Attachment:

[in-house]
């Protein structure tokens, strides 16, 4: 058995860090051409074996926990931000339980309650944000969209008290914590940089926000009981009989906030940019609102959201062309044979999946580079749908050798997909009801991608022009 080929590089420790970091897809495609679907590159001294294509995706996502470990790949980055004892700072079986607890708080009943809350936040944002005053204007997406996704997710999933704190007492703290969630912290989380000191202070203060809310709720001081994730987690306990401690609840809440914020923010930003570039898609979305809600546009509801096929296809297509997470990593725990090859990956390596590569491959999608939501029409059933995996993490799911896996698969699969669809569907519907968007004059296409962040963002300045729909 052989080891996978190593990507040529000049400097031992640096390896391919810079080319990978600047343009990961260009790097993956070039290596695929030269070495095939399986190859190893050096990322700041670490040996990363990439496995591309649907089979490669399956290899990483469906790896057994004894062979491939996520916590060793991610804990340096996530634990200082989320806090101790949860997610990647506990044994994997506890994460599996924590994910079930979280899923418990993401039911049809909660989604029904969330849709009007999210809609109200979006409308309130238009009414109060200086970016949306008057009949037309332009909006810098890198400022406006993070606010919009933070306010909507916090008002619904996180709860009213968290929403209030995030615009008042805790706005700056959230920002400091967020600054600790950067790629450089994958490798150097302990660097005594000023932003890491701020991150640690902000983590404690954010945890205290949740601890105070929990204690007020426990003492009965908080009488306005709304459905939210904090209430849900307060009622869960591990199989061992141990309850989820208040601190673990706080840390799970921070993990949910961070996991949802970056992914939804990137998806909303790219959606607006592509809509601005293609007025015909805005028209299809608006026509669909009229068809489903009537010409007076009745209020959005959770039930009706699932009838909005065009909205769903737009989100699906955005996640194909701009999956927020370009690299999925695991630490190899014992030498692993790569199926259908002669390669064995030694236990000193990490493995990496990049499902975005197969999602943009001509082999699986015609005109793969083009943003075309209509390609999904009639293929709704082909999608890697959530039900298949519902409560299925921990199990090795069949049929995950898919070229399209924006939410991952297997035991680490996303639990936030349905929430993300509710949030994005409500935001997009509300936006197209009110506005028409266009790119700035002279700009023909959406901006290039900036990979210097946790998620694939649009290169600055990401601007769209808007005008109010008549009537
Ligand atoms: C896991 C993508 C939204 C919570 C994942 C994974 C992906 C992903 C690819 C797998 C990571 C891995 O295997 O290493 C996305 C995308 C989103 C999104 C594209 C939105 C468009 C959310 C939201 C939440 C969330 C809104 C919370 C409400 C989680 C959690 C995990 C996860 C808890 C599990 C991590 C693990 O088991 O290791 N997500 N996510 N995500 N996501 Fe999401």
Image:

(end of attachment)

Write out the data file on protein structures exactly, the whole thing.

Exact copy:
[in-house]
């Protein structure tokens, strides 16, 4: 058995860090051409074996926990931000339980309650944000969209008290914590940089926000009981009989906030940019609102959201062309044979999946580079749908050798997909009801991608022009 080929590089420790970091897809495609679907590159001294294509995706996502470990790949980055004892700072079986607890708080009943809350936040944002005053204007997406996704997710999933704190007492703290969630912290989380000191202070203060809310709720001081994730987690306990401690609840809440914020923010930003570039898609979305809600546009509801096929296809297509997470990593725990090859990956390596590569491959999608939501029409059933995996993490799911896996698969699969669809569907519907968007004059296409962040963002300045729909 052989080891996978190593990507040529000049400097031992640096390896391919810079080319990978600047343009990961260009790097993956070039290596695929030269070495095939399986190859190893050096990322700041670490040996990363990439496995591309649907089979490669399956290899990483469906790896057994004894062979491939996520916590060793991610804990340096996530634990200082989320806090101790949860997610990647506990044994994997506890994460599996924590994910079930979280899923418990993401039911049809909660989604029904969330849709009007999210809609109200979006409308309130238009009414109060200086970016949306008057009949037309332009909006810098890198400022406006993070606010919009933070306010909507916090008002619904996180709860009213968290929403209030995030615009008042805790706005700056959230920002400091967020600054600790950067790629450089994958490798150097302990660097005594000023932003890491701020991150640690902000983590404690954010945890205290949740601890105070929990204690007020426990003492009965908080009488306005709304459905939210904090209430849900307060009622869960591990199989061992141990309850989820208040601190673990706080840390799970921070993990949910961070996991949802970056992914939804990137998806909303790219959606607006592509809509601005293609007025015909805005028209299809608006026509669909009229068809489903009537010409007076009745209020959005959770039930009706699932009838909005065009909205769903737009989100699906955005996640194909701009999956927020370009690299999925695991630490190899014992030498692993790569199926259908002669390669064995030694236990000193990490493995990496990049499902975005197969999602943009001509082999699986015609005109793969083009943003075309209509390609999904009639293929709704082909999608890697959530039900298949519902409560299925921990199990090795069949049929995950898919070229399209924006939410991952297997035991680490996303639990936030349905929430993300509710949030994005409500935001997009509300936006197209009110506005028409266009790119700035002279700009023909959406901006290039900036990979210097946790998620694939649009290169600055990401601007769209808007005008109010008549009537
Ligand atoms: C896991 C993508 C939204 C919570 C994942 C994974 C992906 C992903 C690819 C797998 C990571 C891995 O295997 O290493 C996305 C995308 C989103 C999104 C594209 C939105 C468009 C959310 C939201 C939440 C969330 C809104 C919370 C409400 C989680 C959690 C995990 C996860 C808890 C599990 C991590 C693990 O088991 O290791 N997500 N996510 N995500 N996501 Fe999401």
Image: